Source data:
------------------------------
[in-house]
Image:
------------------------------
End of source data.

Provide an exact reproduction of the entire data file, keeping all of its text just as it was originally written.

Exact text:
[in-house]
Image: